4 People Tweeting’ has changed the face of Nigerian politics.


Online support has been overwhelming for the 61-year-old businessman and former member of the PDP, who campaigned on a platform of reforming Nigeria’s government institutions, often tainted by corruption. In his direct address to the IndaSRS movement, he also said that he would publicly apologize to the victims of police brutality.

While the legacy parties focused on traditional media, the Labor Party was supported by prominent activists and influencers. Youth organizers used Twitter sites and hashtags #ObiDatti2023, #obedientsAnd #1Million March 4 Peter Obi To rally support. They have voluntarily taken their online efforts offline by going door-to-door to spread the party’s message. Supporters have launched an application online as “Talking about Peter Obi” and to distribute content and campaign messages. The party collected donations, helping it to overcome the severe financial gap between it and the two legacy parties.

In the year In 2019, the odds are stacked against Obi’s Labor Party, which received more than 5,000 votes in the last presidential election. This year, however, the party’s votes rose to 6.1 million – more than 25 percent of the electorate – placing it in third place, not far behind the PDP’s 6.9 million. The party won six Senate seats and three seats in the House of Representatives. In Lagos, the economic hub of the country, her candidate defeated the ruling party. He got the highest number of votes in the polling booth in the presidential villa.

“The statement ‘four people tweeting in one room’ was embarrassing,” Ayomide said. “I’m happy to see how things turned out. I think he gave us a statement.

Since the presidential and senatorial elections, online activist networks have continued to call out electoral violations and voter suppression and challenge the role of money in politics. Some are trying to crowdsource the results database from certain polling stations in hopes of providing records that can prove errors in court. Both the leading opposition parties were involved in vote rigging and violence during the elections.

“Many young people are using social media to advocate for their favorite candidates, which has led to youth-friendly candidates winning elections and disrupting the political landscape,” said Renu Oduala, a youth activist and founder of the advocacy service Renu Oduala. and support for democracy and government violence. When politicians fail to keep their promises or engage in corruption, we call them out on social media, creating a culture of greater monitoring and accountability.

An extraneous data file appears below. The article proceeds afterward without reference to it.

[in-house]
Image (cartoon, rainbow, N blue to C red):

Nigeria’s political establishment seems to have been activated by the power of online causes. The country held governorship elections on the weekend of March 18. Both the PDP and the ruling APC have ramped up their social media campaigns in the run-up. Lagos APC governor Babajide Sanwo Olu has taken to Twitter to announce policies that appear to be designed to win the youth vote, including a promise to rethink the country’s cryptocurrencies.

Full election results are still coming in. APC won the governorship election in Lagos with over 762,000 votes, while the Labor Party came second with 312,000 votes ahead of PPDE. Preliminary results have shown the party to be a major contender in several states in South East Nigeria.

The results reinforce the idea that “four people tweeting in a room” are now the core of politics, and Nigerian politicians can no longer drive away the youth vote with slogans like “no online polling stations” as they often do. He said.

“The digital gathering of young Nigerians is a direct challenge to incompetent leadership, corrupt and brutal policing,” says Adebowale Adedayo, a content creator and activist known as Mr Macaroni. Platform as an influencer to advocate for youth participation. “If the EndSARS protests fail to prove that online advocacy translates into real-world action, record youth turnout in the 2023 election cycle will settle any debate.”





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